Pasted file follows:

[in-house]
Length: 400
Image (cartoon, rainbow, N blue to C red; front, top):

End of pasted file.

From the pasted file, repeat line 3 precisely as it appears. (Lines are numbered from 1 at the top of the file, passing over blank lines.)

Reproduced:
Image (cartoon, rainbow, N blue to C red; front, top):